The Kestrel Programming Language
the documentation for the Kestrel language
The Kestrel programming language is a refinement of Falcon, a language designed in late 2012 as a target language for a compiler construction course. Therefore, one of its primary goals is compactness. Among its other goals:
putstr("Hello World!" LF, output)
Arrays are a type distinct from pointers, and array subscripting is not equivalent to pointer arithmetic, following the lead of Pascal.
Leading zeros on numeric constants do not indicate a change of number base; instead, the number sign # is used, following the lead of Ada.
Breaking out of the middle of a loop is done by raising an exception, and cases of a case-select construct cannot flow into each other, eliminating the need for a break statement. (The C break statement cost AT&T a huge amount on Jan. 15, 1990 because of a system-wide long-distance system shutdown that was ultimately attributed to the dual use of break in C as both a loop exit and the final statment of each case in a case-select construct.)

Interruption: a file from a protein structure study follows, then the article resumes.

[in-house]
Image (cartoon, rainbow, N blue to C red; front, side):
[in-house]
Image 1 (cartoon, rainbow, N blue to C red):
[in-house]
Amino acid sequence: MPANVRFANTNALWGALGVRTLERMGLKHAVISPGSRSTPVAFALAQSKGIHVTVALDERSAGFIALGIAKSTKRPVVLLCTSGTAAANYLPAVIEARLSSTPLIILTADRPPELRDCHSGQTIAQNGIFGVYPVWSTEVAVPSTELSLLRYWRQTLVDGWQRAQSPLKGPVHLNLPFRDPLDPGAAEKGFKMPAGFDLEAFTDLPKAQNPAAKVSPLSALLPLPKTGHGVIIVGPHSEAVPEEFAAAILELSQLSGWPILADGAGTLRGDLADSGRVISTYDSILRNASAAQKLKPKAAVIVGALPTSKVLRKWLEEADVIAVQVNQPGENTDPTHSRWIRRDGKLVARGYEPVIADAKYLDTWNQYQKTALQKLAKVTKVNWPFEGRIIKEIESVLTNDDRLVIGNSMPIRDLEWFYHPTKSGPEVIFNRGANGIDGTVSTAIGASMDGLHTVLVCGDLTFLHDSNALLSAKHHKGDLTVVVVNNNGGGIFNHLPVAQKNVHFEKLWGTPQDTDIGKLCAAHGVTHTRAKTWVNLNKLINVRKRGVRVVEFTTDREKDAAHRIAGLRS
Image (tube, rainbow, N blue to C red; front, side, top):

In Kestrel, if a and b are pointer variables, the assignment a=b copies the pointer, and the comparison a=b compares the pointers. Explicit dereferencing is used to refer to the referenced values, so the assignment a@=b@ copies the value, without modifying any pointers, and the comparison a@=b@ compares the referenced values. This follows the lead of Pascal and avoids decisions made by the designers of Ada.